In the previous chapter, we discussed the QOS toolkit that is available as part of a QOS deployment on a router. We now move on, leaving behind the perspective of an isolated router and considering a network-wide QOS deployment. Such deployments always have peculiarities depending on the business requirements, which make each single one unique. However, the challenges that are likely to be present across most deployments are the subject of this chapter.

Within a QOS network and on each particular router in the network, multiple traffic types compete for the same network resources. The role of QOS is to provide each traffic type with the behavior that fits its needs. So the first challenge that needs to be considered is how providing the required behavior to a particular traffic type will have an impact and will place limits on the behavior that can be offered to the other traffic types. As discussed in Chapter 2, the inherent delay in the queuing and scheduling operation can be minimized for traffic that is placed inside a particular queue. However, that is achieved at the expense of increasing the delay for the traffic present in other queues. The unavoidable fact that something will be penalized is true for any QOS tool that combines a greater number of inputs into a fewer number of outputs.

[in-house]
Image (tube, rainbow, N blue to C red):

This description of QOS behavior can also be stated in a much more provocative way: a network in which all traffic is equally “very important and top priority” has no room ...

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